Shock Totem #10 (Jan 2016)
- The State of Shock Totem Publications, or We Are Not ChiZine Publications
- Closing for Submissions
- Shock Totem Returns!
- Apex Publications Acquires Shock Totem Book Line
- The Head, the Tail, the Whole Damn Thing: Musings on Jaws, Part 8
- The Head, the Tail, the Whole Damn Thing: Musings on Jaws, Part 7
- The Head, the Tail, the Whole Damn Thing: Musings on Jaws, Part 6
- The Head, the Tail, the Whole Damn Thing: Musings on Jaws, Part 5
- The Head, the Tail, the Whole Damn Thing: Musings on Jaws, Part 4
- The Head, the Tail, the Whole Damn Thing: Musings on Jaws, Part 3
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Tag Archives: Edith Wharton
The Zombie Feed, Vol. 1 is the first anthology published through the new Apex Publications imprint, The Zombie Feed Books. It features zombie-fried fiction from seventeen authors, of which I am one. Recently, contributing author Maggie Slater offered up her blog for a series of three-question interviews with several of the anthology’s authors, so I am returning the favor.
Below you can read Maggie’s interview as well as those interviews hosted on her blog.
And if you’re interested, check out The Zombie Feed, Vol. 1. You can pick up your copy from Amazon.com, Barnes & Noble.com, or from The Zombie Feed directly. Get it on your Kindle or your Nook (or in any e-format from Smashwords) for just $2.99! Seventeen kick-ass zombie stories for $2.99! Can you dig on that?
1. The Writing Question: If you could sit down with one author, from any time in history to today, to get a writing lesson, who would it be?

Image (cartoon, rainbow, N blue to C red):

I had three answers for this initially—Samuel R. Delany, Edith Wharton, and Roald Dahl. If I had to narrow it down, though, I’d pick Samuel R. Delany for several reasons. First, I’d love to just talk fiction with him—I’m about 90% through Dhalgren, and reading it as a writer is a little Twilight Zone-esque. All of Kid’s thinking and working and pondering the process and experience of creating a work of writing feels so intimately familiar, even as his process is different. I’ve also read Mr. Delany’s book About Writing which is hands-down the best book about the writing process I’ve ever read. It’s not an instructional manual, but almost a treatise on the creative endeavor. His discussions about the inner editor were very influential on me, and his emphasis on care when drafting, of really visualizing the scenes, works much better for me than the mantra “just write the first draft as fast as you can” which seems to work very well for others. His essays feel very close to a one-on-one discussion, as do the letters in which he’s critiquing a work sent to him, but it’d be great to get a few pointers in person!
So that’s one part. The other part is that whenever I read a novel by Samuel R. Delany, it reminds me of what writing can be. Not just in terms of style and poeticism, but in the sheer vividness of imagination, both in content and in execution. Reading his work always reminds me that I can push my own boundaries and play in realms that aren’t common in the books you’ll find on the bookstore shelves, that not all stories have to be told the same way. I can lock myself into tunnel vision pretty easily when it comes to “how you’re supposed to write”, so reading a good Delany novel can kick me out of that and set me on better paths.